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Small Victories

            There is a picture of a woman jogging on my desktop background. To those of you that know me, this is an obvious sign that I’m breaking down. Because, for one, it’s athletic. And two, it’s jogging. Women shouldn’t jog. It goes against our anatomical make-up. Too many things bounce and jiggle and smack us in the face if we try. It’s just not natural.

            But I chose this picture as my background because, for one, my computer crashed and I lost all that was near and dear to me (electronically speaking). Did I back up to the magical world of clouds and boxes? Of course not. I mean, I thought I did… but did you know those things get full and stop backing things up automatically? I didn’t know that.

            I digress.

            I chose this jogger as my picture, not just because my computer crashed and I lost all my other pictures that were on Windows 8, sending me into the bizarre land of Windows 10 (that makers of which are obviously trying to push this God-forsaken sport onto us)… but I chose this picture because the woman was jogging on the beach. And the beach – its sand and soothing waves – is my safe place. It’s my womb. It’s the place I wish to crawl into and rest until all is right with the world again.

            Life has been busy, as it always is. But it’s been extra busy with computers crashing and car batteries dying, preparing to build a house, books coming out and opening a homeless shelter the same week of Thanksgiving (because who does that!!!). Life has been busy, so much so that I didn’t allow myself to prepare for my children and their RAD. It was almost as if, because I had forgotten the holiday was coming, that I my children would also magically forget or something.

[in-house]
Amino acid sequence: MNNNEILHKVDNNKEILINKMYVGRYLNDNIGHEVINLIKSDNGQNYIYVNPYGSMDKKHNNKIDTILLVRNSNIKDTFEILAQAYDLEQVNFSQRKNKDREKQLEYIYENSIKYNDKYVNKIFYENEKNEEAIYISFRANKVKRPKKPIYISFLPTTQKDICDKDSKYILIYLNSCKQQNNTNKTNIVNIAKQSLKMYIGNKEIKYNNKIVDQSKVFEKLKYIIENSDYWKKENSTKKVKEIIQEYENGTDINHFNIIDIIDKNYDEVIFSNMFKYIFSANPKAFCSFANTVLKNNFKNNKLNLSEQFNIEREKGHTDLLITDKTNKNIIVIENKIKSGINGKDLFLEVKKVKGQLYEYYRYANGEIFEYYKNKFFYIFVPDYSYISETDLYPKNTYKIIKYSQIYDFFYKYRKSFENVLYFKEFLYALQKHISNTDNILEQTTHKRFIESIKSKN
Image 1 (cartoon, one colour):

But let me assure you, they didn’t.

            In true RAD form, my children rose to the occasion like Gladiators. They wore their armor and prepped for battle while I mindlessly went about my errands and craziness, completely unprepared for the fight. Sitting here now, I feel ashamed of myself for getting so busy that I neglected to remember the tell-tale signs. I let my guard down and am now paying the price.

            Between the two of them in a few days’ time, we had sexual advances, horrific disrespect to women, a near flooding of the basement because someone took the washer apart, my beautiful Willow Tree collectible items were colored on (and not by the toddler), and an entire melted candle was poured down our drain.

            You guys, it’s been 3 days and we still can’t use our tubs, sinks, or toilets! My house smells like a sewer and, no matter how many times I tell these little people NOT to flush the toilets, they just keep on flushing them, sending them to near-overflowing. Mind you, these same children NEVER flush a toilet to save their lives. But not this week… This week, they are freaking toilet-flushing machines!

            We literally drove to our church to poop today. All of us. We just sat there and waited till we all had to go. Because that’s what parents of RAD children get to do in their “free time”.

            So, to break up the fun of waiting for the bowels to move, I decided to collect more items for the shelter our church opened this week. A house was being torn down and there was furniture that needed to be salvaged. I traipsed in with 2 RADs and a toddler before realizing that we had, in fact, entered a crack house.

            Awesome.

            My kids dove into the plunder like pirates looking for buried treasure, while I took the razor blade off the two-year-old who had found it atop the mirror stained with special white powder marks on the kitchen counter. And when my almost 9-year-old asked if she could keep the pretty vase for her room, I hadn’t the heart to tell her that it wasn’t actually a vase at all but something that we could get arrested for owning. It was when my oldest stuck his hand into a bag filled with urine-soaked items that I decided I was totally not going to win the mother of the year award (again, dang it!).